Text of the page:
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The Bell Ringer

by on Jul.22, 2014, under Crime, Culture, Health, History, Religion

Sergey Bogdanov, 28, was on vacation from Russia, spending time in the village of Mandrem. He visited a local temple to take pictures. sergey1

He told Russian media by telephone, "It seemed really peaceful here and the locals are friendly, all that changed when I went to a local temple to take a few pictures and I saw a bell which I rang."

mandrem He wasn't aware that the bell was sacred, and is only rung for Puja, which entails showing reverence to a god, a spirit, or another aspect of the divine through invocations, prayers, songs, and rituals. temple_bell For this act, Sergey Bogdanov, from the Russian seaport city of Kaliningrad, said he was badly beaten by a mob after ringing the bell and was even refused help by doctors.

"Before I knew it there was a mob rushing up to the temple and I was dragged out onto the streets and kicked and beaten with sticks."


‘Some monks dragged me away from the mob but they then didn’t help me at all, and I had to make my own way to the local medical centre where the doctors had heard about my apparently sacrilegious act – and they also refused to help me other than giving me a few bandages."


“My wallet and my money had vanished and I had no alternative but to go back to my accommodation in agony. I managed to get a telephone message to my mother who flew over immediately but I need paperwork and money to fly back with her. My poor mother almost had a heart attack when she saw me, she is doing her best to look after me but I need proper medical attention that I can only get it seems in Russia.” Mr Bogdanov has appealed to Putin to help him get the paperwork and a ticket back home via the Russian Embassy in Mumbai.
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Indian Folk Tail

by on Jul.07, 2014, under Culture, Family, Health, Kids, Nature, Religion

In our article Tales of Woe,  we discussed caudal appendages,  which look much like a tail. While they can usually be removed surgically, there are some sufferers, like Xiao Wei, who cannot have the surgery and must learn to live with it. xw_tail Not everyone considers a tail to be a detriment, even when it affects their ability to live a normal life. arshid01 Arshid Ali Khan, from the Indian state of Punjab, is unable to walk and has to use a wheelchair to get around. Locals consider him to be a reincarnation of the Hindu monkey god Hanuman; they refer to him as बालाजी, or Balaji. hanuman01 Arshid said, "This tail has been given to me by god. I am worshipped because I pray to god and the wishes of people come true." arshid02 Arshid lives with his grandfather, Iqbal Qureshi, and two uncles since his father died when he was four. His mother has since remarried. arshid04 Arshid's home has become a temple where his devotees come to visit him to receive his blessings and touch his tail. arshid03 “A lot of people’s wishes have come true after they have visited,” claimed Mr Qureshi, a local music teacher. “Sometimes there are childless couples who come to Balaji for help. He blesses them, and often they are then able to conceive.” arshid06 Despite his status as a god, Arshid needs a wheelchair to get around, and his condition is yet undiagnosed. arshid07 He is due to see a doctor who may be able to successfully remove the tail, but his family says they would rather he keep the tail than risk an operation. arshid08 Mr. Qureshi says that it's Balaji's decision. Arshid does not believe that the amputation of his tail will keep the crowds from flocking to his house for his blessings. "Doctors can remove my tail," he said, "but people will continue to believe in me."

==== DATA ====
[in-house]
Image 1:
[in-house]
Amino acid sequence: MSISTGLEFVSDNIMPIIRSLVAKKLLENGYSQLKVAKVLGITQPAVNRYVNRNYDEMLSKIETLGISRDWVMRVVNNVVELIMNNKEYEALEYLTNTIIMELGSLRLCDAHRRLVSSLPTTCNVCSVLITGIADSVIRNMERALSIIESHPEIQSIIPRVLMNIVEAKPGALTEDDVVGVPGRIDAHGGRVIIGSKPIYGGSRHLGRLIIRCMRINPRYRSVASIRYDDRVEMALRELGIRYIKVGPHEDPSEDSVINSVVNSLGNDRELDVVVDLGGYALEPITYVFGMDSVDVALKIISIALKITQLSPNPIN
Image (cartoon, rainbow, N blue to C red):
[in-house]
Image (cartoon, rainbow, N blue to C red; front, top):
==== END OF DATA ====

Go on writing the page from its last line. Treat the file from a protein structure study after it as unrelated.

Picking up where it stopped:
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by on Aug.27, 2013, under Culture, Family, Health, Kids, Parenting

We've seen it in the movies and television enough to know what an alien looks like.


Scientists have it all figured out.


When Roona Begum was born, it was pretty clear that she was different.